Keep dog off the furniture



Keywords: keep dog off the furniture
Description: Ask Pamela Reid Q: My dog is not allowed on the furniture but the minute I'm not present, she's up there lounging. How do I stop her if I'm not there to catch her? - Richard, Hull, QC A: Dear Richard, I'm pleased that you didn't say: "My dog knows she's not supposed to be on the furniture but she's sneaky." I prefer a less anthropomorphic account-dogs tend to learn exactly what we teach them. Think about what happens from your dog's perspective. When you are present, getting up on the furniture spawns few rewards because you shoo her off. But if she tries out the sofa when you aren't home, she discovers that sans you, she's able to relax and enjoy herself on your divine divan. In learning theory terms, your presence/absence has become a "contextual cue" indicating to your dog if her behaviour will be rewarded. In order for your dog to master the lesson you really want her to learn, you have to ensure that she never enjoys the furniture. One option is to make the furniture inaccessible when you're not at home. Maybe upend some chairs on the sofa. An alternative tactic is to use a booby trap. A low-tech example is a pyramid of empty soda cans perched precariously on the back of a chair-the dog jumps up and the cans fall down around her. A high-tech version is a commercial product, such as a Sofa SaverTM. This is a pad that contains a shrieking alarm that sounds when it is compressed. You lay it across your couch, your dog jumps up, and the next thing she knows, the couch is screaming. Before orchestrating something like this, you must be confident that your dog will not be unduly traumatized. And always provide acceptable alternatives, like a soft dog bed. ■ Pamela Reid, PhD, is a certified applied animal behaviourist and author of Excel-erated Learning: Explaining (in Plain English) How Dogs Learn and How Best to Teach Them. She heads the Animal Behavior Center at the ASPCA and lives in New Jersey with Eejit, a Border-Border (Border Collie/Border Terrier cross), Fidget, a shelter mystery, and Grifter, a Border-Border-Border-Jack!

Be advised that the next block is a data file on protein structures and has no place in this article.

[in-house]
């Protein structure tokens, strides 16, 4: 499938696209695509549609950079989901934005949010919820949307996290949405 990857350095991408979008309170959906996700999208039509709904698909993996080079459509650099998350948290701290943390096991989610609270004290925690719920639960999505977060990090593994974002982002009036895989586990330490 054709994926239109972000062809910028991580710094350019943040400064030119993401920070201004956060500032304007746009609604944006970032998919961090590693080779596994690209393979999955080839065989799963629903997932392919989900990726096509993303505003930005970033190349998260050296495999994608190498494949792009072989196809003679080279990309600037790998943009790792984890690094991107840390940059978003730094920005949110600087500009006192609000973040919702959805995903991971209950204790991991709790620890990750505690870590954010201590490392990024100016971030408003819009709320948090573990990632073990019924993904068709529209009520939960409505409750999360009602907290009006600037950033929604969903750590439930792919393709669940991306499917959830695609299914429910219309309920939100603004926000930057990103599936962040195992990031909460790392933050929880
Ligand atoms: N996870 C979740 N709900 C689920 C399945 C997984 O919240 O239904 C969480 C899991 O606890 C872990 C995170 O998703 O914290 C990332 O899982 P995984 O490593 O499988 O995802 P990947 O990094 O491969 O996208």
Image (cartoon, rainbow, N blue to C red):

Q: My dog is not allowed on the furniture but the minute I'm not present, she's up there lounging. How do I stop her if I'm not there to catch her? - Richard, Hull, QC

A: Dear Richard, I'm pleased that you didn't say: "My dog knows she's not supposed to be on the furniture but she's sneaky." I prefer a less anthropomorphic account-dogs tend to learn exactly what we teach them.

Think about what happens from your dog's perspective. When you are present, getting up on the furniture spawns few rewards because you shoo her off. But if she tries out the sofa when you aren't home, she discovers that sans you, she's able to relax and enjoy herself on your divine divan. In learning theory terms, your presence/absence has become a "contextual cue" indicating to your dog if her behaviour will be rewarded.

In order for your dog to master the lesson you really want her to learn, you have to ensure that she never enjoys the furniture.

One option is to make the furniture inaccessible when you're not at home. Maybe upend some chairs on the sofa. An alternative tactic is to use a booby trap. A low-tech example is a pyramid of empty soda cans perched precariously on the back of a chair-the dog jumps up and the cans fall down around her. A high-tech version is a commercial product, such as a Sofa SaverTM. This is a pad that contains a shrieking alarm that sounds when it is compressed. You lay it across your couch, your dog jumps up, and the next thing she knows, the couch is screaming.

Before orchestrating something like this, you must be confident that your dog will not be unduly traumatized. And always provide acceptable alternatives, like a soft dog bed. ■

Pamela Reid, PhD, is a certified applied animal behaviourist and author of Excel-erated Learning: Explaining (in Plain English) How Dogs Learn and How Best to Teach Them. She heads the Animal Behavior Center at the ASPCA and lives in New Jersey with Eejit, a Border-Border (Border Collie/Border Terrier cross), Fidget, a shelter mystery, and Grifter, a Border-Border-Border-Jack!






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